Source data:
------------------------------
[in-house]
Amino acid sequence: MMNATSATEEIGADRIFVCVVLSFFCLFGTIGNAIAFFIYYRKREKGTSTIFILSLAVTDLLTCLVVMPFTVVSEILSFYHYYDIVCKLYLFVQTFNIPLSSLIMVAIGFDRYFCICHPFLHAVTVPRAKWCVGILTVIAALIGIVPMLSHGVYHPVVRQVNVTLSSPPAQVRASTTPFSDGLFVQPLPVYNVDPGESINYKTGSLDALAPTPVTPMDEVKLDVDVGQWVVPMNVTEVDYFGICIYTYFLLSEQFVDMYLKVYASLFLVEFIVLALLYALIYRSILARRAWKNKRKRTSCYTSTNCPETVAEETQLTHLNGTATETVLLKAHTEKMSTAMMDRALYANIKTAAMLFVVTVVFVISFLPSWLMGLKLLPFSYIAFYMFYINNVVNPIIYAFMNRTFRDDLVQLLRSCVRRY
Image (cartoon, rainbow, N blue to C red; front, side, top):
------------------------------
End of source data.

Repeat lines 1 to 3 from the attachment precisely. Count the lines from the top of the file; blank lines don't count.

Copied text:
[in-house]
Amino acid sequence: MMNATSATEEIGADRIFVCVVLSFFCLFGTIGNAIAFFIYYRKREKGTSTIFILSLAVTDLLTCLVVMPFTVVSEILSFYHYYDIVCKLYLFVQTFNIPLSSLIMVAIGFDRYFCICHPFLHAVTVPRAKWCVGILTVIAALIGIVPMLSHGVYHPVVRQVNVTLSSPPAQVRASTTPFSDGLFVQPLPVYNVDPGESINYKTGSLDALAPTPVTPMDEVKLDVDVGQWVVPMNVTEVDYFGICIYTYFLLSEQFVDMYLKVYASLFLVEFIVLALLYALIYRSILARRAWKNKRKRTSCYTSTNCPETVAEETQLTHLNGTATETVLLKAHTEKMSTAMMDRALYANIKTAAMLFVVTVVFVISFLPSWLMGLKLLPFSYIAFYMFYINNVVNPIIYAFMNRTFRDDLVQLLRSCVRRY
Image (cartoon, rainbow, N blue to C red; front, side, top):